Wednesday 22 September 2021

Colombia begins clamping down on Uber; 1200 vehicles seized

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Colombia’s transport minister said authorities have seized more than 1,200 vehicles of taxi service Uber amid a campaign to clamp down on “illegal” competition in transport.

According to Transport Minister Jorge Eduardo Rojas, authorities “have been carrying out a crash plan to control the streets and what is happening in terms of illegality.”

As a consequence, the minister said, authorities throughout Colombia have confiscated 962 vehicles working with Uber and 253 working with Uber X.

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President Juan Manuel Santos in November last year gave US transport company Uber six months to register as a formal company in Colombia or be banned from the South American country.

After the company failed to meet this deadline, the government banned the service and began to actively shut down the taxi app’s operations in the South American country.

The operations have infuriated Uber, which accused the administration of President Juan Manuel Santos of protection of an alleged monopoly held by the various taxi services in Colombia’s largest cities.

“No new player can offer this luxury service under the current conditions as all the quota are monopolized.”

Uber Colombia

The San Fransico-based Uber, which has labor or regulatory conflicts with governments across the globe, said that “we believe in the freedom of movement and we defend the citizens’ right to choose.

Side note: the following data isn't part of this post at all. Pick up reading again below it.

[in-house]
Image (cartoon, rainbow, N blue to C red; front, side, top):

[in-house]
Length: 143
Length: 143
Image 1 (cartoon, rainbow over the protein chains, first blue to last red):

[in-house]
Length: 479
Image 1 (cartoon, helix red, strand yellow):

Notwithstanding, the company has refused to formally register as a company in Colombia, while employing drivers as “associates.”

In spite of its allegedly illegal service, Uber can count on significant support among urban Colombians who have long complained about the quality of taxi services, particularly in the capital Bogota.

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From Colombia Reports. Click here to go there.

Article originally appeared at Today Colombia. Reposted with permission.

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Q24N is an aggregator of news for Latin America. Reports from Mexico to the tip of Chile and Caribbean are sourced for our readers to find all their Latin America news in one place.

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Article originally appeared at Today Colombia. Reposted with permission.

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